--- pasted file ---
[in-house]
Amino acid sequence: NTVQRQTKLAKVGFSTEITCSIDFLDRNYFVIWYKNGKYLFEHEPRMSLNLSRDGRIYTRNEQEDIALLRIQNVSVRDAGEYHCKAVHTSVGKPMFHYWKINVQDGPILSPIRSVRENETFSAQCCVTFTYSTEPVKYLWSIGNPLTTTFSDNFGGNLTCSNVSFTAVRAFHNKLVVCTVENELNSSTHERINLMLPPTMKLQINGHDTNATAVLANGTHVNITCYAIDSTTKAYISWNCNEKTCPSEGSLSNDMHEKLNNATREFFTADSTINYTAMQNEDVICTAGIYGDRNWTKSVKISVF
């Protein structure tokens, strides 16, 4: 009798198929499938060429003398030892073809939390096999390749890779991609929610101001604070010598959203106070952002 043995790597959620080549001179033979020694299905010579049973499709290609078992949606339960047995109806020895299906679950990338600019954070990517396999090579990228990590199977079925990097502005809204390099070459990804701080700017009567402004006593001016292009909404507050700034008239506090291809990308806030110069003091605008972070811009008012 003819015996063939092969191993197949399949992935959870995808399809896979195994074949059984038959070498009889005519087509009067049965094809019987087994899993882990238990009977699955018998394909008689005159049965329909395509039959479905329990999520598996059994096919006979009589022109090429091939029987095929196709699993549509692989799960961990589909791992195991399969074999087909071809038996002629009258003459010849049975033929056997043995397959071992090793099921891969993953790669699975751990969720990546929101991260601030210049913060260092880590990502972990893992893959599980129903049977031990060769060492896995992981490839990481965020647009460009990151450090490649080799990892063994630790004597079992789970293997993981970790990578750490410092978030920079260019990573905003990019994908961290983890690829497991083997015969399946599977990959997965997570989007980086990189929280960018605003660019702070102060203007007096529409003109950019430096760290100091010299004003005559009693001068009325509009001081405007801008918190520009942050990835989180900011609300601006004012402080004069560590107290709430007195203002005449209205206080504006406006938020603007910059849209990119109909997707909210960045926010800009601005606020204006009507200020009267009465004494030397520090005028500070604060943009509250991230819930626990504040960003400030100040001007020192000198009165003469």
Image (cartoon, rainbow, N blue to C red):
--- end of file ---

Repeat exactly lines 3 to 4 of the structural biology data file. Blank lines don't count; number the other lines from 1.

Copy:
């Protein structure tokens, strides 16, 4: 009798198929499938060429003398030892073809939390096999390749890779991609929610101001604070010598959203106070952002 043995790597959620080549001179033979020694299905010579049973499709290609078992949606339960047995109806020895299906679950990338600019954070990517396999090579990228990590199977079925990097502005809204390099070459990804701080700017009567402004006593001016292009909404507050700034008239506090291809990308806030110069003091605008972070811009008012 003819015996063939092969191993197949399949992935959870995808399809896979195994074949059984038959070498009889005519087509009067049965094809019987087994899993882990238990009977699955018998394909008689005159049965329909395509039959479905329990999520598996059994096919006979009589022109090429091939029987095929196709699993549509692989799960961990589909791992195991399969074999087909071809038996002629009258003459010849049975033929056997043995397959071992090793099921891969993953790669699975751990969720990546929101991260601030210049913060260092880590990502972990893992893959599980129903049977031990060769060492896995992981490839990481965020647009460009990151450090490649080799990892063994630790004597079992789970293997993981970790990578750490410092978030920079260019990573905003990019994908961290983890690829497991083997015969399946599977990959997965997570989007980086990189929280960018605003660019702070102060203007007096529409003109950019430096760290100091010299004003005559009693001068009325509009001081405007801008918190520009942050990835989180900011609300601006004012402080004069560590107290709430007195203002005449209205206080504006406006938020603007910059849209990119109909997707909210960045926010800009601005606020204006009507200020009267009465004494030397520090005028500070604060943009509250991230819930626990504040960003400030100040001007020192000198009165003469």
Image (cartoon, rainbow, N blue to C red):